The second step, which in a timeline occurs before they get the manuals, is to discuss selling as part of the recruitment process. If, whilst you are discussing your opportunity with prospective purchasers, you can show you are not only interested in bringing them in – with all the attendant support processes etc. - you are also supporting them at their exit and can demonstrate a life cycle for them. This surely will encourage even more prospects to want to join your network.

This discussion also provides the opportunity for you to talk about the way to increase the value of your franchise opportunity by adhering to the operating processes and actively driving the business through the implementation of your marketing activity. An additional benefit is that this discussion enables you to demonstrate the value of joining your network. You can show the value of the business into which they are buying is not just about how much they can make in drawings each year but that it is about the totality of the income generated through the franchise as they grow the business. This includes drawings, re-invested profits and eventual selling price – a fully rounded offering.

This initial discussion and supporting detail in the Ops Manuals can’t be the end of the process however. To truly create a culture that is accepting of the resales process and one which will accept the need for a structured exit as well as induction, it is important to maintain the subject as an on-going discussion. Clearly this is not to be the key topic at all meetings but to include Exit Planning Seminars – delivered either by yourself or using an external facilitator – at, say, annual conferences or Regional Meetings from time to time will keep the franchisees focussed on the end game.

If your franchise has business support people who work with the franchisees on a one to one business planning basis it is important they also understand the resales processes and especially what are the key levers within your industry sector that will drive profitable growth. By encouraging franchisees to focus on their end game and grow from $X profit to $Y profit over a number of years to achieve $Z selling price, it means growing the sales from $A to $C. To do this they need to implement these (1, 2, 3, 4) marketing and sales initiatives and lo and behold there is a growth in the franchisees business.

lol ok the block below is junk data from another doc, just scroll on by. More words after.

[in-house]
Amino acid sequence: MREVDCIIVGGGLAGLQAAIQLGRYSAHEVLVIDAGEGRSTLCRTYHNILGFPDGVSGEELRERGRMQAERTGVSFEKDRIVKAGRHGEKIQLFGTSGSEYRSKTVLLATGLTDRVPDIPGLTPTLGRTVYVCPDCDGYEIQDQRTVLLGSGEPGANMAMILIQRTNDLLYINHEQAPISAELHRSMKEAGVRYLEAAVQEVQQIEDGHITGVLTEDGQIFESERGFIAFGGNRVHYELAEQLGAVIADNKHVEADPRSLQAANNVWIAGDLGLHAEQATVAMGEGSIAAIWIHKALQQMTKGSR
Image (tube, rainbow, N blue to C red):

This is mutually beneficial as their growth also means you, as the franchisor, receive increased growth in fee payments. It is this combination of mercenary thinking and individual coaching that combines within an effective resales culture. This creates a classic win-win situation for both franchisee and franchisor.

Creating a resales culture in your network and focussing all franchisees on the strategy for their eventual exit will bring mutually beneficial growth. Surely that is what this symbiotic relationship is all about. This gives the franchisor control from day one and manages the expectations of the franchisee about what they have to do to achieve their own goals. It also ensures that the risk of any ‘sudden surprises’ in terms of unexpected franchise resales are minimised.

Open discussions about the eventual sale of their businesses at regional meetings and conferences will also keep this mutually beneficial focus. I have often spoken at enlightened franchisors’ conferences so that rather than broaching the topic themselves, with the attendant risks to existing relationships; they can use an external specialist to provide guidance and perspective to the discussion.

Selling a business is about planning, more planning and constant consistent managed communication. It is this which smoothes the path for the successful completion of a franchise resale.

DJS 4/15

Author - Derrick Simpson has been working in Franchise Resales for over 20 years and is a leading authority on the subject advising Franchisors with their resale strategies. Working as a franchisor for several years has given Derrick the insight to the necessity of having a system and strategy in place to make franchisees' exit work profitably for both sides.